Opposing voices working together

By: Brandon Blumenherst

An unlikely duo hosted a voter registration drive last week to give students the opportunity to participate in the electoral process.

Fort Wayne College Democrats and the College Republicans of Fort Wayne teamed up to develop a bipartisan voter registration initiative which would register voters and have them opt-in to a notification service to send them voting reminders. This effort was focused on getting students registered to vote for the upcoming municipal election.

Sydney Bynum, vice president of Fort Wayne College Democrats, said that the purpose of the event was to educate voters and encourage political engagement on campus.

“We wanted to make sure that we give students the opportunity to vote,” Sydney said, “but we also wanted to encourage them to actually exercise that right.”

It was a two-hour event in student housing on Oct. 7, the last day to register to vote for the 2019 election. Around 25 students checked their voter registration status, changed addresses, or registered for the first time. Students had the opportunity to register to vote based on their address in student housing or their home address.

“I figured it would be easier to move my registration address here since I will be here on Election Day,” said one student from Lake County. The students running the event also answered questions about voting and registering to vote.

With a voting site on campus and an early voting site across the street, students at Purdue Fort Wayne have a few different paths to take forward.

However, some unexpected delays stalled the initiative. After initially developing the plan which included canvassing—walking around campus—to increase the amount of potential voter registrations, both groups received notice that activity was not allowed due to the solicitation policy on campus. The administration then suggested ideas on how to create the effect of canvassing rather than working with the initial strategy suggested by the two student organizations.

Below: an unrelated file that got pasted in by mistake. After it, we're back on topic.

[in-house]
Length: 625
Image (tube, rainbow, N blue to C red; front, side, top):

“We were disappointed by the initial response to our joint effort,” said Rachel Delaney, vice president of the College Republicans of Fort Wayne. “We want to increase political engagement on campus and this was our first effort to work together to do that.”

The administration said that canvassing violated the passive solicitation policy on campus. However, canvassing on political and religious grounds is protected by a Supreme Court decision Watchtower Society v. Village of Stratton. The student organizations cited this decision and instances on campus with off-campus entities, like evangelical and anti-abortion groups, that would be in violation of the same solicitation policy. Despite citing this reasoning, the student organizations still met with the administration to determine their intentions and discuss the implications of this initiative.

After clarifying the intent and mission of both groups, the students realized they would have to compromise on how things could work in the short term and discuss long term change later.

A representative from the Student Life and Leadership office explained that these two student organizations could have tables at university events last week, the week before the voter registration deadline for the local municipal election, in place of a canvassing effort on campus. The administration and student organizations both want to discuss more about increasing student voter participation in the future.

Both groups volunteered at two campus events throughout the week and then worked to develop the voter registration drive in student housing at Purdue Fort Wayne. They want to develop a multi-stakeholder committee on campus that focuses on increasing student voter registration and turnout.

This committee would be modeled after the Purdue Votes Coalition, an initiative created in 2018 by Mitch Daniels, a former Indiana governor and current Purdue University president, to increase political participation amongst college students. However, that committee structure has not made its way to Purdue’s regional campuses.

The decision regarding canvassing on campus is still being debated and it is expected to garner further conversation after an upcoming faculty senate meeting.

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